Mastering the Art of Small Talk
Another conference. Another daunting day full of awkward coffee breaks with forced conversations. Or the first day at a new job, with a new team and an unknown environment. Or a dinner party at a friend's house. We’re sure you’ve been there, and if you are like most people, small talk makes you feel uncomfortable. So we’ve put together a little how-to that will help you to easily tackle these situations. This way you don’t have to stammer and/or frantically babble about your collection of tea cozies anymore.
Part 1: Asking the right questions
Starting the conversation
If you feel that it’s upon you to start the conversation (you know, in those moments when the person next to you is shuffling around uncomfortably and staring at their coffee like it’s a beach panorama) the best way to do it is by stating a fact. At a conference, this could be about the venue or the area - “I love this neighbourhood. It’s where I went to school, and being here today is a real trip down memory lane” or “I hear this hotel has recently been entirely redecorated. How do you like this interior?” . At a dinner party, you could share some information about your host, such as “Did you know Clara recently got promoted? I’m so excited for her.”
Moving on from small talk
You can go deeper into topics and move on from everyday blah blah by asking more detailed questions (“Your job sounds really interesting, but I hear your industry has been badly affected by the economical crisis. What is your opinion?”). Just that easy, you are in a heated political discussion.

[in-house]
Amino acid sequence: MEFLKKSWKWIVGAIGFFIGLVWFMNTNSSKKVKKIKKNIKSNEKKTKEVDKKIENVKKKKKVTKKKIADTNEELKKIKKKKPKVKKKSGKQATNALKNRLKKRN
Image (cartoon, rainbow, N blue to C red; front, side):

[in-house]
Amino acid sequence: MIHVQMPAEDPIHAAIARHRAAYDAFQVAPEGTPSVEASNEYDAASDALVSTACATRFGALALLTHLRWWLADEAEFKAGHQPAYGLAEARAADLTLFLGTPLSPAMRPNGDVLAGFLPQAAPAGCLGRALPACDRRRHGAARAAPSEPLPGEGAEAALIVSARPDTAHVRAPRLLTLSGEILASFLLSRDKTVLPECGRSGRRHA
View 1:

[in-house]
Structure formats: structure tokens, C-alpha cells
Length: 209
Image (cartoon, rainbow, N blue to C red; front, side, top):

Breaking up a monologue
This is also a great way to steer the conversation towards a topic you are really interested in. For example, if the other person keeps babbling on about their passion for golf, break up the monologue by asking, “Wow, with so many tournaments going on and all those weekend engagements, did you get a chance to travel this year at all?”.
Choosing the right questions
With every question you ask, try to make it an open one, which means that the other person cannot answer with just “yes” or “no”. For example, instead of asking “Do you enjoy travelling?”, just say “Where did you spend your last holiday?”, then follow it up with “What made you choose that destination?” or “What did you like best about it?”. This encourages the other person to tell you a bit more.
Alternatively, you can provide them with two possible answers, which means they will have to elaborate on why they chose the one they went with. This works with pretty much every question, such as “Are you here by car or bike?” or “Are you enjoying the wine selection as well, or are you more of a beer drinker?”.
Part 2: Knowing your answers
Preparing for the standard questions
In order to smoothly master any introduction and make yourself feel a bit more secure, you can prepare the answers to three standard questions that will help you nail it. Those standard questions are usually “How are you doing?”, “Where do you live?”, “What do you do?”, etc.
Phrasing a great answer
Make your answers long (or rather, long-ish - you don’t want them to fall asleep like your Kaa from the Jungle Book). Be informative and engaging and provide good bits of information that encourage the other person to provide equally good answers as well. End each answer with the next question - indirect (“...but you don’t seem convinced”) or direct (“don’t you agree?”).
Remember that small talk is the introduction to a proper conversation. As trivial and ridiculous as you might find it know, who knows - the person standing next to you and telling you about the horrible parking situation in this area might soon be a new friend. So keep and open mind and a friendly, honest attitude and you might benefit sooner than you know it.
That’s all, folks! Now go and enjoy your deep conversations - you can thank us later!
The Smunch Team
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